Also announced were multimillion housing investments in Downtown Lake Charles and North Lake Charles, a Louisiana National Guard Readiness Center at Chennault, a lumber mill in DeRidder, and a new rice mill in Lacassine.
Despite the immense amount of progress that has been made, “there is still a path ahead of us.”
He noted how essential FEMA is to ensure continuous progress “We know that we’ve made a lot of progress, but we’ve still got strides to make,” said Hunter. “It is a slow but essential progress. This has unfortunately been the case for every single local agency.”
Hunter said that while they are frustrated with the timelines and “cumbersome nature” of FEMA’s policies, they are “cautiously optimistic.”
“We continue to push FEMA to honor their mission and their goal. We will continue to pursue opportunities to build back a more resilient community.”
In light of these frustrations, the city has hired a grants consultant to pursue further funding. Hunter also announced his proposal to partner with Ward 3 recreation to “update a master recreation plan.”
=He also announced his plan to launch a bond proposition. This was also done by the city in the years after Hurricane Rita “We absolutely will take advantage of every dollar from Baton Rouge and Washington D.C. we can find, but we need to reinvest in ourselves. And we need to do that locally.”
=This bond proposition is an effort to ensure that the master plan, Just Imagine SWLA, can be completed. “It is my commitment that our bond proposal will ensure that this master plan will not just sit on a shelf and collect dust.”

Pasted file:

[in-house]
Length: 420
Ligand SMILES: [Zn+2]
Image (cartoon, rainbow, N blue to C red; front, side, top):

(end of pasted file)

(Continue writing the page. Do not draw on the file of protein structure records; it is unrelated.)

=Several projects from Just Imagine SWLA will be incorporated into this bond, and will be launched without raising taxes. The public will be asked to renew several existing taxes.
=While improving infrastructure and supporting Lake Charles’ economic health are paramount, for Hunter, restoring and enhancing SWLA’s culture is most important. “Quality of life matters.”
The city has been in communication with the local Arts and Humanities Foundation. This has led to a proposal that would provide a small increase in funding that would be distributed over a number of years. This will allow them to “reorganize and put together a true effort to see the type of arts and culture renaissance that we need in Southwest Louisiana.”
Hunter ended his presentation by talking about Lake Charles’ greatest asset; its people and “their resiliency, their tenacity, grit and compassion.”
“I truly believe we have some of the greatest people here in Southwest Louisiana, and I would take the people here over $10 million from the federal government any day of the week.”